The foundation for this proposal is based on the genetic and molecular research that has been performed in photosynthetic bacteria. The story began with the work of Bauer and colleagues (Mosley et al., 1994) and Eraso and Kaplan (1994, 1995); they identified the prr loci, which were involved in the positive regulation of photosynthesis gene expression in Rhodobacter sphaeroides in response to anaerobiosis. This is a typical two-component regulatory system in bacteria, in that prrB encodes a sensor histidine kinase that is responsive to the removal of oxygen and functions through the response regulator, PrrA (see figure above). PrrA positively regulates the expression of the photosynthesis operons and is thus similar to the RegA gene identified in Rhodobacter capsulatus (Mosley et al., 1994). Thus, in both photosynthetic bacteria, there appears to be a two-component regulatory system that is involved in the transduction of signals that monitor alterations in O2 levels. It is conceivable that redox poise of the PQ pool would be involved in such a process, either as a primary or as a secondary signal. Importantly, Eraso and Kaplan (1996) have determined that mutations in the prrA and prrB genes result in substantially different phenotypes. Mutations in prrA lead to the loss of photosynthesis gene expression, whereas even the absence of prrB does not appear to affect photosynthesis gene expression to a great extent. They postulate that prrB normally phosphorylates prrA, as typical of a two-component regulatory system. However, when prrB is deleted, a heterologous phosphate donor could maintain prrA in the active state. These results suggest that this regulatory operon may be involved in other processes.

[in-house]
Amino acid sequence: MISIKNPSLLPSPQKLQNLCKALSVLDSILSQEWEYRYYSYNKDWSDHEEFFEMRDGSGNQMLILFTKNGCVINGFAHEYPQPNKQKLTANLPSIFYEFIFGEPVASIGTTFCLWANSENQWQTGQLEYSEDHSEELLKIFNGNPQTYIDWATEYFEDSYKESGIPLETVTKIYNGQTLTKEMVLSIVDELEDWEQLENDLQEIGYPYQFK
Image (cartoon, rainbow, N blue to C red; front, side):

The importance of the prrA/B genes was amply demonstrated by Joshi and Tabita (1996). Their work indicated that the prrA/B two-component regulatory system integrates the control of photosynthesis, CO2 assimilation and N2 fixation. In a series of experiments, knockout mutants of prrB were shown to be unable to grow using N2. They demonstrated the interrelationship among photosynthesis, CO2 and N2 fixation. Throughout, they showed the importance of the nitrogenase complex as an alternative redox system for the cell. They conclude that the normal molecular control mechanisms that serve to prevent nif transcription and nitrogenase synthesis in the presence of ammonia are overcome by the organisms¹ need to remove excess reducing equivalents in the absence of a functional carbon fixation cycle. They conclude that the control is somehow mediated by the prrA/B system, and they also highlight the need for the organism to seek various mechanisms to dispense with the large amounts of reducing power generated via photosynthesis and respiration. Once again, we believe that the PQ redox poise is an important cellular signal to integrate the turning on and turning off of these various pathways. It is also important to mention that prrA, the response regulator, shows similarity to patA, a gene described by Haselkorn¹s group to control heterocyst pattern formation in the cyanobacterium Anabaena sp. PCC 7120 (Liang et al., 1992).